What Causes Scoliosis? – Can Poor Nutrition Cause Scoliosis?
Many people carry the genes that trigger the development of scoliosis. The genetics may or may not be “expressed” and the person may or may not even develop scoliosis. The genetic weakness that predisposes a person to scoliosis needs to be activated or “turned on” by something. That “something” ranges from a trauma, postural stress (e.g. heavy book bags), exposure to specific types of bacteria, or nutritional deficiencies due to a poor diet. The impact that nutrition plays as an environmental influence on idiopathic scoliosis is not completely understood. However, there are an increased number of studies and research that have begun to discuss the role of nutrition in scoliosis and the possible etiology of scoliosis. This article is written to explore this research and also suggest an eating plan that will take the research into consideration.
Scoliosis & Nutrition
We know that poor nutrition can lead to many diseases, deformities and conditions. For example, though there is no single cause of spina bifida nor a known way to prevent it entirely, folic acid taken before and during pregnancy has been shown to reduce its incidence. Rickets, the most common childhood disease in developing countries, is a softening of the bones due to deficiency or impaired metabolism of vitamin D, phosphorus or calcium, potentially leading to fractures and deformity. Though it can occur in adults, the majority of cases occur in children suffering from severe malnutrition, usually resulting from famine or starvation during the early stages of childhood. Osteomalacia is a similar condition occurring in adults, is also generally due to a deficiency of vitamin D.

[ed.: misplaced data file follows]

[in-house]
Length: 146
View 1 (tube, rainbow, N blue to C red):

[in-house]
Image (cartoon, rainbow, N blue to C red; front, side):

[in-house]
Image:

Dietary deficiencies contributed to the above mentioned conditions, could they also be the cause of Idiopathic Scoliosis? A US study looked at articles from American and European journals, conference proceedings, and relevant research from 1955-1990. They found evidence (from studies with animals) that poor nutrition could be a contributing factor of idiopathic scoliosis. They cited strong evidence for an interaction between poor nutrition and genetics but stated that there is only anecdotal and limited study data for humans and therefore suggest further research into poor nutrition as the etiology of Idiopathic scoliosis
Research shows a possible correlation between too much copper and scoliosis. Copper is a mineral needed by the body. It is involved in energy production and it aids in the formation of red blood cells, bone, and hemoglobin. It is also essential to nerve health as it is needed to build and maintain myelin, the insulating sheath that surrounds nerve cells. Copper is also necessary to aid an enzyme in the production of the connective tissue proteins, collagen and elastin. Copper also works with zinc and vitamin C to form elastin. It is therefore needed for the development and the maintenance of skin and bones, including blood vessels and joints.
A study from the Czech Republic (2008) showed the changes of selenium, copper, and zinc content in hair and serum of patients with idiopathic scoliosis. This study looked further into abnormalities of trace elements in patients with idiopathic scoliosis to the content of zinc, copper, and selenium in these subject’s hair and serum. The patients with idiopathic scoliosis were age 13 on the average, with curves between 12 and 82 degrees. The hair of these scoliotic patients showed significantly increased content of zinc and copper (Cu) and decreased content of selenium (Se) when compared with the control group. The Cu/Se ratio in this group of patients was significantly higher due to a higher Cu value and a lower Se value in comparison with the controls. Also, compared with the controls, the serum selenium concentration in the group of scoliotic patients was significantly decreased.